You can use kubectl logs command to retrieve the logs of a container running inside of Kubernetes. When you use Google Kubernetes Engine to run managed Kubernetes clusters, all of the logs are automatically forwarded and stored in Google Cloud Logging. You can see all the log output from the pods by navigating to StackdriverLogging → Logs in the Google Cloud console:


Once in the logging console, you can navigate to GKE Container to see all of the logs collected from STDOUT:


From here, you can optionally export the logs into Google BigQuery for further log analysis, or setup log-based alerting. We won't get to do this during the lab today.

15. Congratulations!

This concludes this simple getting started codelab with ASP.NET Core and Kubernetes. We've only scratched the surface of this technology and we encourage you to explore further with your own pods, replication controllers, and services but also to check out liveness probes (health checks) and consider using the Kubernetes API directly.

Clean up

That's it! Time for some cleaning of the resources used (to save on cost and to be a good cloud citizen).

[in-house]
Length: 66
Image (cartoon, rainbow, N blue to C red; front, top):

Delete the Deployment (which also deletes the running pods) and Service (which also deletes your external load balancer):

First, delete the service and the deployment, which also deletes your external load balancer:

kubectl delete service,deployment hello-dotnet
service "hello-dotnet" deleted
deployment "hello-dotnet" deleted

Next, delete your cluster:

gcloud container clusters delete hello-dotnet-cluster --zone=europe-west1-b
The following clusters will be deleted.
 - [hello-dotnet-cluster] in [europe-west1-b]
Do you want to continue (Y/n)?  Y
Deleting cluster hello-dotnet-cluster...done.                                                                                                                                                                                            
Deleted [<PROJECT_ID>/zones/europe-west1-b/clusters/hello-dotnet-cluster].

This deletes all the Google Compute Engine instances that are running the cluster.

Finally delete the Docker registry storage bucket hosting your image(s) :

gsutil ls
gsutil rm -r gs://artifacts.${GOOGLE_CLOUD_PROJECT}
Removing gs://artifacts.<PROJECT_ID>
Removing gs://artifacts.<PROJECT_ID>

Of course, you can also delete the entire project but you would lose any billing setup you have done (disabling project billing first is required). Additionally, deleting a project will only stop all billing after the current billing cycle ends.

What we've covered

  • How to package a simple ASP.NET Core app as a Docker container.
  • How to create your Kubernetes cluster on Google Kubernetes Engine.
  • How to deploy your ASP.NET Core app to a pod.
  • How to allow external traffic to your pod.
  • How to scale up your service and roll out an upgrade.
  • How to run Kubernetes Graphical dashboard.

Next Steps


This work is licensed under a Creative Commons Attribution 2.0 Generic License.